Do You have an Archaeological Find in Your Carleton Place Basement?

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Two days ago I posted the story about the hidden room in my basement. Local resident Nancy Green posted on Facebook she had the same thing and had poked a flashlight to see if she could find anything odd. Well now, It makes total sense what it is. It is located directly under the front verandah, and very common in older homes. It definitely used to be a cistern.

Cisterns were used for the collection of rain water, and were quite common at homes throughout the 19th century.  They can also be found at a few 18th century homes and some were built as late as the early 1940s.  Using the roof as a rain collection surface, gutters and downspouts delivered water to the cistern.

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Most of them were a  large rectangular box located under a porch, with the porch floor being the cover.  Before the floor of the porch was replaced we used to have th remains of what was once a trap door. There were many folklore “rules” governing when and how water was to be collected if you wanted it to stay “sweet”. Built to catch rainwater, which was then used for domestic chores. Of course it became doomed by indoor plumbing.
The success of indoor plumbing initiated the demise of cisterns, which became white elephants with the abundant flow of water from kitchen and bathroom faucets. Cisterns were eventually filled with unwanted items, buried and forgotten and walled over like ours. The fact that cisterns have remained virtually undisturbed, in some instances for hundreds of years,  can we consider them archaeological finds?

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Apparently some of them (not ours) are steeped in treasures, such as ceramics, coins, tintype photographs and food particles, that can tell archaeologists about what people of the time liked to buy and eat. You have to remember when my home was built in 1867 the local water probably smelled bad and people got sick. The early settlers associated rainwater with freshness and thought cisterns might be the long-term answer. So should we really consider these rooms archaeological finds? That’s hard to answer as I am sure in a few hundred years people will dig up tanning beds and think we used to fry people for punishment.

Buy Linda Secaspina’s Books— Flashbacks of Little Miss Flash Cadilac– Tilting the Kilt-Vintage Whispers of Carleton Place and 4 others on Amazon or Amazon Canada or Wisteria at 62 Bridge Street in Carleton Place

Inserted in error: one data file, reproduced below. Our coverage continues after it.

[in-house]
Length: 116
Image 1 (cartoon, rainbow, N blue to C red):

About lindaseccaspina

Linda Knight Seccaspina was born in Cowansville, Quebec about the same time as the wheel was invented and the first time she realized she could tell a tale was when she got caught passing her smutty stories around in Grade 7 at CHS by Mrs. Blinn. When Derek "Wheels" Wheeler from Degrassi Jr. High died in 2010, Linda wrote her own obituary. Some people said she should think about a career in writing obituaries. Before she laid her fingers to a keyboard, Linda owned the eclectic store Flash Cadilac and Savannah Devilles in Ottawa from 1976-1996. After writing for years about things that she cared about or pissed her off she finally found her calling. Is it sex drugs and rock n' roll you might ask? No, it is history. Seeing that her very first boyfriend in Grade 5 (who she won a Twist contest with in the 60s) is the head of the Brome Misissiquoi Historical Society and also specializes in local history back in Quebec, she finds that quite funny. She writes every single day and is also a columnist for Hometown News and Screamin's Mamas. She is a volunteer for the Carleton Place and Beckwith Heritage Museum, an admin for the Lanark County Genealogical Society Facebook page, and a local guest speaker. She has been now labelled an historian by the locals which in her mind is wrong. You see she will never be like the iconic local Lanark County historian Howard Morton Brown, nor like famed local writer Mary Cook. She proudly calls herself The National Enquirer Historical writer of Lanark County, and that she can live with. Linda has been called the most stubborn woman in Lanark County, and has requested her ashes to be distributed in any Casino parking lot as close to any Wheel of Fortune machine as you can get. But since she wrote her obituary, most people assume she's already dead. Linda has published six books, "Menopausal Woman From the Corn," "Cowansville High Misremembered," "Naked Yoga, Twinkies and Celebrities," "Cancer Calls Collect," "The Tilted Kilt-Vintage Whispers of Carleton Place," and "Flashbacks of Little Miss Flash Cadilac." All are available at Amazon in paperback and Kindle. Linda's books are for sale on Amazon or at Wisteria · 62 Bridge Street · Carleton Place, Ottawa, Canada, and at the Carleton Place and Beckwith Heritage Museum · 267 Edmund Street · Carleton Place, Ottawa, Canada--Appleton Museum-Mississippi Textile Mill and Mill Street Books and Heritage House Museum and The Artists Loft in Smith Falls.

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